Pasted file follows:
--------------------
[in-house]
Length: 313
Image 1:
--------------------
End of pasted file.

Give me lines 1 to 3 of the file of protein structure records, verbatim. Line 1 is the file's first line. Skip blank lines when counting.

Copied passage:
[in-house]
Length: 313
Image 1: